Shingles cases on the rise
Courtny Gerrish, Stephanie Graham
College life for Caroline Radaj was fun, but stressful. That was before she ended up with a painful case of shingles.
"It felt like either I had a pinched nerve or that just someone was constantly stabbing me," Caroline recalls.
When a rash popped up on top of the pain, an internet search led her to the diagnosis. A campus doctor confirmed it, though even they seemed stunned.
"It's something that happens in older people, so for it to happen to a young college student they were a little bit baffled at that," Caroline says.
In fact, lots of people are surprised to hear of someone in college suffering from shingles, but researchers say cases are up six fold across all age groups, and college kids are no exception.
Dr. Barbara Yawn, is an FAAFP shingles study author. She explains, "Instead of maybe one every three or four months, you may be having two or three each month in the college and that stands out."
Dr. Yawn authored a study on shingles recurrences. She says it's tough for someone in college already stressed out to miss class because of shingles. Technically, they're not contagious, but it can be agonizing. Researchers don't know why it's on the rise.
"We've looked at several factors like are there more people that are immuno-suppressed, uh was it around the time the chicken pox vaccine in children? That isn't true. Did it have to do with when antivirals were introduced? No. Does it have to do with more people coming to the doctor when they have shingles? Well, a six-fold increase is a little hard to believe for that. So, we're actually right back where we started. We don't know," Dr. Yawn admits.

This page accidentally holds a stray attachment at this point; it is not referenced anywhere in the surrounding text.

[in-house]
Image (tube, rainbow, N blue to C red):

Dr. Yawn also doesn't know if these younger shingles sufferers will get it again and again. "If you got your first at 80 its not very long till you won't have to worry about it. But if you get your first episode of shingles at 18 or 20, you've got another 60-70 years that you're at risk and our data suggests that the risk of recurrence is higher than the risk of occurrence."
Well, what can they do about it? A vaccine exists, but can currently only be used on people 50 and older.
"So we really don't have anything to offer these people," Dr. Yawn says.
That's not much comfort to Caroline and others like her. "Hopefully I don't get it again."
Researchers expect that the numbers of younger people getting shingles should start to drop, since many of those students received the chicken pox vaccine. You must have already had chicken pox in order to get shingles.